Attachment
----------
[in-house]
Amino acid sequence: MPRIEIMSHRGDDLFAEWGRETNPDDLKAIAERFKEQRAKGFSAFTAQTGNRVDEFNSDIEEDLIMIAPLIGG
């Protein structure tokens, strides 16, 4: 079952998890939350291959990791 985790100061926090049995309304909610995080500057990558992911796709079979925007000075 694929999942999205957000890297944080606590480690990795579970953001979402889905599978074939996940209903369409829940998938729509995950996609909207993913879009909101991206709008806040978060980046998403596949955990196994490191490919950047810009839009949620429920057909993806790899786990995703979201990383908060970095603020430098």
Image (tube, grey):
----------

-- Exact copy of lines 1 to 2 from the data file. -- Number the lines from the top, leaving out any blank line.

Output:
[in-house]
Amino acid sequence: MPRIEIMSHRGDDLFAEWGRETNPDDLKAIAERFKEQRAKGFSAFTAQTGNRVDEFNSDIEEDLIMIAPLIGG